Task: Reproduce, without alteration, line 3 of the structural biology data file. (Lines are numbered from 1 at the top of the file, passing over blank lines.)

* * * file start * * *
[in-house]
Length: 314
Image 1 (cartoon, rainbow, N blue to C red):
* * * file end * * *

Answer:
Image 1 (cartoon, rainbow, N blue to C red):